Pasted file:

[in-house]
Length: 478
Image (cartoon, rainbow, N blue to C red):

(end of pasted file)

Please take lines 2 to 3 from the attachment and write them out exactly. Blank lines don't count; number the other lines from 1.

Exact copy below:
Length: 478
Image (cartoon, rainbow, N blue to C red):